Friday, December 6, 2019

Like A Really Bad Joke

12/3/19 Forbes:
Leo Lech’s home was destroyed. The windows and doors were all blown out, glass strewn inside and outside. But it wasn’t an act of God, it was an act of the local police department.
Mind you, no one in the household had committed a crime. Instead, a suspect on the run fled there randomly. He’d been chased by police for miles after stealing a shirt and two belts from a local Walmart.

With the suspect armed and ignoring police communications, the SWAT team of the Greenwood Village Police Department in Colorado started systematically taking out windows and doors using explosives and an armored vehicle. They fired tear gas canisters into the home. At one point they used a robot to throw a cell phone to the suspect. After 15 hours, they entered the house to find the shoplifter holed up in the bathroom with a stash of drugs.
 The occupants of the home were Leo Lech’s son, the son’s girlfriend, and her 9-year old son, who now found themselves homeless. In apprehending a suspect wanted for a few dollars’ worth of goods, the police did damage costing Lech $400,000. While insurance covered some of the home repairs, it didn’t cover the full amount of the value of the home or personal possessions, and today, nearly five years later, Lech is still paying the loans he had to take out to repair the massive damage done by the local police department. And just recently, a federal appeals court ruled that he couldn’t be compensated for his loss under the Fifth Amendment’s takings clause: “nor shall private property be taken for public use, without just compensation.”
The city's press release gives a rather different picture that makes Lech sound like someone trying to take advantage of a bad situation for financial gain.  The Institute for Justice is a libertarian organization that tends to portray "bad government" in situations that might look a bit different if viewed from a less ideological perspective.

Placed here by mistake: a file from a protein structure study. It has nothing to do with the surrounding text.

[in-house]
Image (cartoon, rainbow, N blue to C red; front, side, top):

1. While I consider the town to be in the wrong here for lack of compensation, you have presented a very distorted picture of events.

    The chap was homicidal - both in his driving of vehicles in making his initial escape and in his shooting at officers from the house. To present it as merely an attempted arrest for shoplifting is bizarre:

    From Greenwood Village:
    This case was not about a shoplifter. As explained in the Tenth Circuit’s well-reasoned opinion, this case
    concerned a high-risk, barricaded suspect incident that occurred in Greenwood Village, wherein the Greenwood
    Village Police Department was faced with an armed suspect, who was wanted on multiple felony arrest
    warrants, had tried to run an officer over with a vehicle, who had shot at police officers multiple times, who had
    barricaded himself in the Lech’s rental house, and who had refused to come out.

    I think that the town should have reimbursed for the required repairs to the property. What the town did was offer the deductible after discerning that the property was insured and that the type of insurance would cover the damage to the house. So the house's owner was only not made whole because he refused the payment from the town. That he decided to completely demolish the usable foundation and build a much more extravagant house on a larger footprint is on him, and shouldn't be paid by the taxpayers, the perp, or the insurance.

    I think that the town should have reimbursed the renters for their loss of personal possessions. And the renters (the son of the owner, along with the son's partner and her son) did not have insurance, nor would it likely cover police action even if they had it.

    Even though the SWAT action was reviewed by all levels of SWAT professionals and deemed conforming to best practice for protecting safety of the public and of officers, I think it WAS too much, and I think the town morally (if not legally) has an obligation to both the homes occupants and to the house's owner.

  2. The article admitted the guy was armed. Pulling everyone out of the neighborhood and waiting for him to give up might have been more prudent.

  3. When the Jury is instructed on how to calculate damages, they are EXPLICITLY instructed to NOT take the existence of any insurance into consideration. If that is the law for damages caused by one private citizen to another, there is no reason for the government to seek advantage by offering only deductible, and ignoring the effect such a large claim would have on the claimant's insurance bill for the next year and subsequent years.

    Who told the city to offer the deductible when a simple question to the City Attorney would have cleared this up forthwith?